Olga Peretyatko: Mozart +
There’s a neat concept behind Olga Peretyatko’s new disc: putting familiar Mozart arias in context by programming them alongside his less familiar contemporaries. Hence Tommaso Traetta’s Antigona (1772), Giovanni Paisiello’s Il barbiere di Siviglia (1782) and Martín y Soler’s Il burbero di buon cuore (1786) rub shoulders with arias from Entführung, Figaro, Don Giovanni and La clemenza di Tito.
Traetta’s Antigona was written for the St Petersburg court. From the three short arias here, there are hints of Gluck, especially in the opening lament ‘Ombra cara’, which Peretyatko sings tenderly, while she eats up the coloratura in ‘Finito è il mio tormento’. In its day, Paisiello’s Barbiere was extremely successful … until Rossini’s version usurped it. Rosina’s gentle cavatina in which she pleads with heaven for her soul to be granted peace is far from Rossini’s minx. Il burbero di buon cuore (‘The Good-hearted Curmudgeon’) is the most interesting inclusion here. Soler’s aria is pretty plain but Peretyatko also programmes two insertion arias Mozart composed for it three years after its premiere, possibly written for Caterina Cavalieri, for whom he’d already composed the role of Konstanze in Entführung. While not up to the considerable challenges of ‘Martern aller Arten’, both these insertion arias cover a wide range and are worth hearing.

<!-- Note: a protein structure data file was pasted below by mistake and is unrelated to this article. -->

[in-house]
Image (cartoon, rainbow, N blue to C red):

Throughout, Peretyatko sings with good taste, vocal lines executed cleanly, although some of this repertoire can seem a little heavy for what is, essentially, a coloratura instrument that can dazzle in Rossini and Donizetti. She rises well to the considerable challenges of ‘Martern aller Arten’ but Donna Anna and the Countess can sound a bit of a stretch for a soprano better suited (at present) to Zerlina and Susanna. Ivor Bolton gets efficient playing from the Sinfonieorchester Basel. An enjoyable disc for uncovering some classical rarities.